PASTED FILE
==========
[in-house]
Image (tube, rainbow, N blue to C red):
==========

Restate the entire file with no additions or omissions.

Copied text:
[in-house]
Image (tube, rainbow, N blue to C red):